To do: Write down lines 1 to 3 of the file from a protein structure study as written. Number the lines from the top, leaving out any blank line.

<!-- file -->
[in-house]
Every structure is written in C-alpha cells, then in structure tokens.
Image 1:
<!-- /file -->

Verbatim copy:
[in-house]
Every structure is written in C-alpha cells, then in structure tokens.
Image 1: